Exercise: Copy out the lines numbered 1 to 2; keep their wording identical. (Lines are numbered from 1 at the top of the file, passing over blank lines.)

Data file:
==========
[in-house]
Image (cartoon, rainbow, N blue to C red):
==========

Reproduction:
[in-house]
Image (cartoon, rainbow, N blue to C red):